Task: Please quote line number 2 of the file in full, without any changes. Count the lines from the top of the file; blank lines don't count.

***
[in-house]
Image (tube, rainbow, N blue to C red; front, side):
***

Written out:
Image (tube, rainbow, N blue to C red; front, side):